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Laramore was much more than just a great coach; An appreciation


Ten years ago to this very day, Al Laramore died at age 53, but his legacy lives on.

"Big Al," as he was affectionately known, was more than a coach at Annapolis High School. With a unique style, he was a motivator and leader of young men.

"We miss him terribly and often think of him, or something comes up that brings Big Al to mind," said Fred Stauffer, who succeeded Laramore as athletic director in 1971. "Even the newer kids have heard about him and know who he was. He's a legend."

Laramore's exterior was gruff and rather intimidating, but inside, he was caring. His players loved him and his intensity -- and he loved them.

"The kids lost a hell of a friend today," said Severna Park coach Andy Borland when he learned of his close friend's death that Tuesday in 1989.

Laramore suffered a massive heart attack while carrying wood with his son Dave at their Annapolis home at about 3: 15 p.m. and was pronounced dead a little over an hour later at Anne Arundel General Hospital.

The news shocked the county.

His wife of 25 years, Dorothy, and twin sons, Dave and Dan, wrote of him in the pamphlet given at the church service: "Al was a complex man who believed very simply in his God, his family and home, and his work. These were the things most dear to him."

Laramore was the only coach to win state titles in three sports -- basketball (1974), football (1978) and boys lacrosse (1984, 1985 and 1987).

Football was his passion. "Hit or be hit" was his philosophy.

His 1978 state football championship team went 12-0, the best record in Anne Arundel County history. That squad was one of 11 county teams that have gone undefeated in the regular season (10-0), a feat Laramore's teams accomplished three times.

Laramore is still Anne Arundel County's all-time winningest football coach at 156-68-2 (.695) in 23 seasons. South River's Joe Papetti, one of six coaches who served as pallbearers at Laramore's funeral, ranks second at 154-81-3 (.653) in 24 seasons.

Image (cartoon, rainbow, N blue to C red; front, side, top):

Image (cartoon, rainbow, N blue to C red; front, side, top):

Papetti, who started coaching at Glen Burnie before moving in 1977 to South River, decided to retire soon after Laramore's funeral. Annapolis and South River were to play for the first time in the fall of 1989, but Papetti chose not to do it without his friend, or to surpass him in wins.

"Coaching against him made you a better coach," said Papetti, who now resides in Florida.

And playing for him made men out of boys.

New York Jets defensive coordinator Bill Belichick, the former Cleveland Browns head coach, is a Laramore protege. He wrote a letter to be read at the 1991 dedication and naming of the football field at Annapolis after Laramore.

"There have been but a select few individuals in my lifetime who have gone out of their way to generously provide the counsel and support which proved beneficial in guiding and shaping my career," wrote Belichick, who played offensive guard for Laramore at Annapolis.

"Al Laramore is one of those choice few. I owe him a great deal."

Realizing that he was not going to be a great player, Belichick said, Laramore "recommended that I learn everything I could about the intricacies of the game and approach it from yet another angle. It was a tremendous learning experience at a very delicate age."

Laramore reveled in catch phrases and rhymes intended to rev up his players. It was Laramore who nicknamed the football team the Fighting Panthers, the basketball team the Running Panthers, and his lacrosse team the Whammin' Panthers. Those names have been carried on.

One of his favorite phrases was, "If you hear any noise, it's just Big Al and the boys."

And noise he often made during the school's morning announcements on game days, when he got on the public-address system and conducted one-man pep rallies.

To the school's delight, he would blurt out rhymes such as "We're coming out of the gate, don't be late. Rinky dinky do, I'm watching you. Chesapeake [High] had a rooster who sat up on a fence and didn't have any sense."

Said Panthers basketball coach John Brady, "I've only seen classes become totally silent during morning announcements when Big Al came on."

Laramore's emphasis on teaching kids to respect authority was never more evident than during the racial turbulence in 1968 following the assassination of Dr. Martin Luther King.

A band of teen-agers rampaging through the school trashing everything in sight got to the gym doors, where Laramore stood with a baseball bat.

The story goes, Laramore told them: "You're not coming into my gym until you get past me."

They retreated.

Yes, if you hear any noise at Annapolis, it's just Big Al and the boys.

Pub Date: 1/10/99

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